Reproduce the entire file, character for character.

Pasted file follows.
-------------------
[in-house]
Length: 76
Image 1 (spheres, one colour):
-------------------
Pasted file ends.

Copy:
[in-house]
Length: 76
Image 1 (spheres, one colour):